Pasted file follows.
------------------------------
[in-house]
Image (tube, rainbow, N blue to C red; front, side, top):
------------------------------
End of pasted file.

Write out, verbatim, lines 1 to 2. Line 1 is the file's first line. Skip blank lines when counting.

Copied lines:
[in-house]
Image (tube, rainbow, N blue to C red; front, side, top):